My name in Jim Nelson and I am ISA Yield Challenge Marketing Coordinator. I have been with the Yield Challenge since the beginning, but took a two-year hiatus to focus on my seed business. I am now back and helping market the Yield Challenge to growers and sponsors alike across Illinois. And I am glad to be back working with high-yield soybeans.
The Illinois Soybean Association Yield Challenge was launched in 2010, sparking growers to explore using new practices and technologies to raise the yield level for this important crop. The Yield Challenge began as a side-by-side to encourage growers to compare new technologies with their standard practices. As the Challenge enters its sixth season, available technologies continue to advance, unlocking new opportunities for yield and profits. As a verifier in 2014, I witnessed a growing commitment to pushing the yields higher. But this year, I also hear more comments on profitability: “Will we make smart yield and economic decisions?”
Input decisions rewarding good pay-back go hand-in-hand with pushing yields, and entering yield contests is one way to discover new roads to higher yields. The addition of the 100 Bushel Contest in 2014 and the Crop District Shootout high-yield awards added for 2015 complement the original Side-by-Side Sponsor Plots introduced in 2010. If you are not a seasoned yield contestant and don’t have a trusted crop advisor, I suggest entrants start with the traditional Side-by-Side, where the farmer tests practices and technologies against standard practices—Challenge versus Check Plot. Participants from earlier Challenges are now implementing some tested treatments on increased acreages. Crop protection products were most popular in the first three years of testing.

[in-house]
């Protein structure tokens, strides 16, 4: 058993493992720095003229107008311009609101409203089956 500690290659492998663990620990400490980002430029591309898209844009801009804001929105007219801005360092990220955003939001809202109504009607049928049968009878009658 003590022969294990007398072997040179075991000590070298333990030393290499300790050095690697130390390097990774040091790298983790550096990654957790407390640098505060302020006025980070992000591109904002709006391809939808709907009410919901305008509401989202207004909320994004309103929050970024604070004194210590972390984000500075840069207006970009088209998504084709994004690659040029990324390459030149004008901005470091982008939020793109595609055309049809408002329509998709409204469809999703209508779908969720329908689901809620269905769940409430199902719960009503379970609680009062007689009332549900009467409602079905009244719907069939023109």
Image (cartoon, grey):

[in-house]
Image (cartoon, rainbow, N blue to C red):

Now more are farmers are looking for what other practices should be “teamed up” with technologies already in use on their farms and that includes nutrients, stimulants and biologicals, and combinations of products. These may have an additional cost, but net return is the goal. Additional inputs may be justified, even with reduced commodity prices—or especially with low grain prices—if it adds to profits. The Side-by-Side is a great tool for profit evaluations.
Where do the 100 Bushel Contest and the Crop District Shootout fit in the farmer’s testing toolbox with the shift in commodity prices? Knowing the factors that limit or break through upper limits helps growers find new yield levels. A supplier was asked by a farmer to apply a stack of fertility and protection products. The supplier did not expect the level of yield and profits experienced. This year the stacked products will be verified on more locations and more acres. By taking a measured risk of investing in more inputs, the grower found a higher return that he will be taking to more acres in 2015. The Yield Challenge was designed to be a tool where new technologies, practices, and upper limits can be vetted before they are expanded on more acres.
We welcome you to sign up yourself or through your retail agronomist. To learn more visit http://www.ilsoy.org/node/9529, email me at firstname.lastname@example.org or ring me 309-825-7542.
Let’s have another great soybean season like 2014!